Before biobanking projects can be carried out they must be approved either by a Research Ethics Committee (REC), who also regulate other medical research studies, or by the Human Tissue Authority.
The role of RECs is to ‘safeguard the rights, safety, dignity and well-being of people participating in research in the National Health Service. They review applications for research and give an opinion about the proposed participant involvement and whether the research is ethical.’ (NHS National Research Ethics Service).
The Human Tissue Authority also has a role in licensing and inspecting organisations that remove, store and use human tissue for research. The Human Tissue Authority aims to maintain confidence by ensuring that human tissue is used safely and ethically, and with proper consent.
Participants must be given information sheets explaining in detail what their involvement entails, what side effects (if any) they may experience and whom they can contact to make a complaint. (See also ‘Information and questions
’, and ‘What is involved in taking part?
’). They should also have the opportunity to ask questions if they wish.
Before taking part, participants are required to sign a consent form to indicate their agreement to take part and to confirm they understand what they have agreed to do. This includes knowing how to withdraw from the project if they change their mind.
There may be different options for withdrawing; for example participants may choose whether to remove their sample, data or both from the biobank, or to allow the biobank to continue to have access to it, but to have no further contact with them. If someone requests that their sample is destroyed this will be done. However, for practical reasons as well as to protect confidentiality and anonymity, samples and/or data already distributed by the biobank to other researchers may be untraceable. The biobank may therefore not be able to guarantee that samples or data will be completely destroyed.
Some people felt that there was too much emphasis placed on giving people a lot of information, particularly if taking part involves very little effort or risk, as is usually the case with biobanking. Vincent, for example, said he took ‘a leap in the dark’ and just wanted to trust the researchers. Karen and Claire admitted they did not read the leaflets, but recognised not everyone would feel the same way.
However, others thought it was very important to ensure properly informed consent, especially after incidents that received a lot of media attention, such as the discovery that a pathologist at Alder Hey children’s hospital had been retaining organs without consent after post mortems in the 1980s and 1990s. The investigation into this case was one of the factors which led to the setting up of the Human Tissue Authority.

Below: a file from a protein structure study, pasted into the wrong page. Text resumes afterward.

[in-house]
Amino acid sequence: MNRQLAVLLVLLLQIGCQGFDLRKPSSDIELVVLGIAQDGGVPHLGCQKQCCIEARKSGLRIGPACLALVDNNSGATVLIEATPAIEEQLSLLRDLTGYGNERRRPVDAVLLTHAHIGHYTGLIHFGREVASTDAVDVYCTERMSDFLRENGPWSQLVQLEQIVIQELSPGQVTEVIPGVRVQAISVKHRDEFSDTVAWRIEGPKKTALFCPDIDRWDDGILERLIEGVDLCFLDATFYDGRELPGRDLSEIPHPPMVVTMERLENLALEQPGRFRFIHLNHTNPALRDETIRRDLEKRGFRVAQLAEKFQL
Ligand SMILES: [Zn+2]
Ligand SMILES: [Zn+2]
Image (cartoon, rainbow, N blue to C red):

Future use of samples and confidentiality
The main ethical concern that most people raised was how their sample would be used. Information and samples gathered in biobanks can be shared with researchers in other countries across the world. This may include researchers in universities, government institutes or industry (such as pharmaceutical companies researching new drugs), though samples cannot be sold for profit. This means people don’t always know what type of research will be conducted using their sample in future, even in cases where it was originally collected for one particular project.
It is also possible that samples could be linked to the donor’s medical records, so that their future health could be tracked and that they could be invited to participate in further research in the future. However, it was evident that a few people had not fully understood this, or could not remember what they had agreed to. For example, one woman said her understanding was that she would be asked for permission each time her data was used.
Not knowing how their sample was going to be used worried some people who thought that their privacy could be breached resulting in their data being misused. One man said this was the reason he decided not to take part. (See also ‘Deciding not to take part in biobanking
Others who did take part were also concerned about the implications of their data falling into the wrong hands. For example, a couple of people worried that if insurance companies got hold of it, they could use the data against them.
Secure storage of their data was generally important to people we talked to. However, like Colin, most trusted that biobanking was governed by strict rules regarding data sharing and protection. They had been told it would be made anonymous and their confidentiality would be maintained.
Some felt concerns about privacy were a bit exaggerated.
Data sharing with commercial companies
People had different feelings about their data being shared with commercial companies. Some thought it was a good idea as it might help in the development of new treatments for illnesses. However, they felt it was important that their data remained anonymous, and it would depend how it was going to be used. Others preferred publicly funded research to research conducted by commercial companies.
Other responsibilities to participants
There was some discussion about whether researchers had a duty to let people know about the findings of any research conducted using their sample. (See ‘Getting feedback
’). Whilst this may not always be possible in very long term biobanking projects, some saw it as a way for researchers to show respect for people’s involvement.
Others wanted staff to show respect for their involvement by not misusing the data and ensuring the results were accurately represented.